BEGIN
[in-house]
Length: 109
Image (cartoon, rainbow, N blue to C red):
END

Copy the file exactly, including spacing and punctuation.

[in-house]
Length: 109
Image (cartoon, rainbow, N blue to C red):